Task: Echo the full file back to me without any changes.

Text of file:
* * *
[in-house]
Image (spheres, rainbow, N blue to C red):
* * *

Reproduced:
[in-house]
Image (spheres, rainbow, N blue to C red):